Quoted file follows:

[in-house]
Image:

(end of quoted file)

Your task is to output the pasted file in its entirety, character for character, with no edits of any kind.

[in-house]
Image: